- The sale of oil assets by Shell Petroleum Development Company of Nigeria (SPDC), a Nigerian subsidiary of Shell Plc, has been delayed
- Shell, like other oil firms, has been looking at shifting their company towards renewable energy in recent years
- For the sale to go on a court of appeal as set conditions supporting an earlier position held by NNPC
Shell Plc has been stopped from selling any of its oil assets in Nigeria as the oil company looks to diversify from oil production.
The decision was made by a court of appeal sitting in Imo state on Monday, March 14, 2022, until it pays a $2 billion penalty appeal for an alleged oil spill.
According to a Reuters report, during the hearing, a panel of three judges said Shell is restrained from “selling, allocating, vandalising or disposing off any of its assets/properties” pending the determination of the appeal.
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The report also quoted a copy of a court ruling issued on March 11, which shows that Shell was ordered to deposit the money in an account controlled by the court within 48 hours.
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A spokesperson for Shell’s Nigeria unit said the company would immediately appeal the decision, with a hearing set to begin on May 5.
The spokesperson said:
"We are dissatisfied with the outcome. We are confident in the merits of our argument and will take urgent legal procedures to file an appeal and suspend the decision's implementation until the appeal is resolved."
Shell started talks with the Nigerian government last year about selling its stake in Nigeria’s onshore fields, where it has been active since the 1930s, as part of a global drive to reduce its carbon emissions.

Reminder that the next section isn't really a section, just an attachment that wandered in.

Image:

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TheCable reports that about five local oil firms have indicated interest to submit bids.
In August 2021, Shell Nigeria agreed to pay the N45.9 billion awarded to the Ogoni people of Rivers state as compensation for oil spills in their communities.
NNPC gives conditions
Meanwhile, the Nigerian National Petroleum Company (NNPC) Limited has told Nigerians that it will do all possible to ensure that international oil firms (IOCs) do not commit environmental harm in their various regions of operations while pursuing their energy transformation agendas.
Mr Mele Kyari, the Chief Executive Officer of the Nigerian National Petroleum Corporation (NNPC), stated on the sidelines of the just-concluded 2022 Nigerian International Energy Summit (NIES) in Abuja that oil businesses operating in Nigeria must provide value to the environment by keeping it clean.
“The federal government will make sure that our partners don’t abandon the environmental damages they caused, and we are sure our partners also agree. We have to add value to lives in our environment by keeping it clean."
Remittances to FG continues to decline
Meanwhile, Legit.ng reported that as the Nigerian government thinks of removing petrol subsidy next year, the country’s National Petroleum Company (NNPC) has continued to remit less amount of money to the federation account.
The NNPC remitted the sum of N10.54 billion to the Federation Account Allocation Committee (FAAC) in November 2021 from the proceeds of sales of crude oil and gas in October.
It gave this account during a presentation to FAAC for the month of December 2021, a report by Nairametrics says.